Question: I need your help with Sprint’s buyback program, which lets you receive credit for your old cell phone. I recently had to cancel my Sprint account because I moved to an area where I didn’t get service.
When I canceled the contract, I agreed to pay a cancellation fee, but the rep on the phone said I could go through Sprint’s buyback program and receive a $177 credit for my phone directly on my account.
But when I went into a Sprint store to return it, a representative told me I had to mail it back for the credit to go to my account. I went to Sprint’s website and did an online chat, and I was told the credit would not go onto my account, but I would have a check written to me. Read more “Did Sprint break its “buyback” promise?”
The trouble started when Tom King’s cellphone died on his way to a job interview last year. He saw a public phone at Washington’s Bainbridge Island Ferry and was relieved when a sticker reassured him that he could make a four-minute call for $1, he says.
That didn’t turn out to be entirely accurate. King made four one-minute calls using his credit card, for which he expected to pay $4. But a few days later, he discovered that he’d been charged $14.98 for each connection, for a total of nearly $60. “I was shocked,” he says. Read more “New law aims to short-circuit public phone overcharges”
Question: My daughter and I have been experiencing problems with our T-Mobile service, and we need your help. I’ve made multiple calls to T-Mobile and received the exact same responses: “You’re not the first person to call about this problem, and a ticket has already been opened,” and, “Remove the battery and SIM card and put them back in.”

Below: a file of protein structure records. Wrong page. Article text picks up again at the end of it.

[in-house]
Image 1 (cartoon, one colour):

I saw one of your recent columns, and I took your advice and sent a very long email requesting that my accounts be canceled, without penalty. After a month, I received a generic letter stating T-Mobile “can’t guarantee service in all areas.”
Question: I need your immediate assistance. Tonight at 5 p.m. Comcast disconnected my phone service without a verbal or written warning. When I asked Comcast agents why this transpired, none could provide me with a valid answer or fix it. Read more “Help! My phone’s been disconnected!”
A few weeks ago, Bob Johnson got an email from a US Airways employee that began, “They’re at it again.”
What was US Airways up to? At the beginning of the month, the carrier quietly added a new fee: Passengers who book a ticket through a travel agent but call the airline directly to make a change to their itinerary will now have to pay another $25 to speak with a phone agent. They were exempt from the fee before.
And here’s where Johnson comes in. Calling him a loyal US Airways customer would be an understatement. Johnson helped start a group called FFocus, which advocates for US Airways customers, particularly frequent fliers.
While he isn’t opposed to reasonable fees, he says this one makes no sense.
I’m disconnecting all of my landlines, my ISDN and upgrading to an ultralight, two-pound laptop. What better time to share a few thoughts about the future of technology and travel — and what it might mean for you.
A lot of you have already unplugged your phones. Few of you probably know what an ISDN is or what it does. And computer upgrades happen every day. But when everything happens on the same day … well, that’s noteworthy. Read more “Independence Day!”